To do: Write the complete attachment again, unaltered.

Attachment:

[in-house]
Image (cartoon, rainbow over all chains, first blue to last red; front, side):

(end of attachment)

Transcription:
[in-house]
Image (cartoon, rainbow over all chains, first blue to last red; front, side):